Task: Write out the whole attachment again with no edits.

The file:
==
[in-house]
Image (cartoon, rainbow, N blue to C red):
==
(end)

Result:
[in-house]
Image (cartoon, rainbow, N blue to C red):